Young People, Convenient Truths and a Distorted Picture
By Jon Green
Ask ten people on the street what they think of Ron Paul and you will likely get ten very different answers ranging from “I sent him my life savings” to “What a kook!” The man seemed downright wacky ten years ago, but raised some eyebrows in 2008 as the only GOP candidate against the Iraq War. Since then he has continued on a gradual rise to legitimacy in the public’s eye. Congressman Paul has gained particular traction among young people, one of President Obama’s core constituencies. This traction is in large part derived from frustrated idealism, excellent frame setting and rationalization of positive associations.
Ask ten Ron Paul fans why they support Ron Paul and one will begin rambling about stockpiled guns and Orwellian IRS agents, four will enter into a “liberty, freedom, and Constitution” mad lib and the other five will bring up foreign policy. Surprisingly few will bring up Congressman Paul’s endorsement of the Defense of Marriage Act, advocacy for bringing back the gold standard or goal of abolishing the Department of Education. None of them will bring up Congressman Paul’s opposition to the renewal of the Voting Rights Act, belief that climate change is not an issue or support for the complete deregulation of Wall Street. Few, if any, of Ron Paul’s supporters who overlap with President Obama’s 2008 coalition endorse these positions, so why the switch?
Ask ten social psychologists about the idea of “convenient truths” and half will crack a smile wider than the hole President Paul would leave in the UN after he pulled the United States out of it (a move that Congressman Paul has advocated). The other half will bury their heads in their hands. All ten will then go on to explain that once a person has “good” or “bad” associated with a given idea, their mind will seek to confirm their association. Young people associated candidate Obama with all things good in 2008, and ignored his desire to increase military efforts in Afghanistan and his caginess on the issue of same sex marriage. Now in 2012, a number of those same young people have associated Congressman Paul with all things good, and ignored his denial of the right to privacy established in Roe v. Wade, opposition to foreign aid even in humanitarian crises such as Darfur or advocacy for a health insurance policy that is essentially “pay your own way…and if you are too poor to do so then go to the nearest hospital and pray that someone is feeling charitable.”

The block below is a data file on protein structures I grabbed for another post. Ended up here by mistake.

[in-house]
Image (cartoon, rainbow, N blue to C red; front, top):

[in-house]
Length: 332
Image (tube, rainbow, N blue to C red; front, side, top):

Ask ten more people on the street if they think freedom is a good thing, if they think the government is functioning poorly and if they think dead soldiers are a bad thing all ten of them will say yes. It’s hard to argue against more freedom, better government and less death. A significant contributing factor to Ron Paul’s rise has been his ability to keep conversations surrounding him to these three principles, successfully framing himself as pro-freedom, pro-efficient government and anti-death, and his opponents as anti-freedom, anti-good government and pro-death. If the conversation does not stray past this frame it is nearly impossible not to form positive associations with Ron Paul.
Young people are by nature one of the most idealistic demographics in the electorate. We fall in and out of love with candidates fairly easily and often have unreasonable expectations for what the future can bring. Unfortunately, this idealism in elections is often incompatible with the pragmatism necessary for governance. We are frustrated because it seems that our government has been broken for the past decade and the “change” that was promised to us has not come quickly enough. But throwing our hands up and walking away, especially into the arms of Ron Paul, is not a productive way to express this frustration. We don’t have to vote for a candidate who wants to phase out Veterans’ Administration hospitals in order to get a president who opposed the Iraq War. We don’t have to vote for a candidate who opposes 14th Amendment protections for sexual harassment, saying: “[why] don’t they quit once the so-called harassment starts?” in order to get a president who thinks that the War on Drugs isn’t working. We don’t have to vote for a candidate who does not recognize a separation between Church and State in order to get a president who opposes corporate welfare. Young voters would be making a huge mistake abandoning President Obama in favor of a candidate who is anathema to the majority of their views. Ron Paul has wrapped the policies of the 1890’s in the cloak of “freedom and liberty” so as to create positive associations that play on the disappointments of the past decade. To the frustrated idealists out there: don’t be fooled.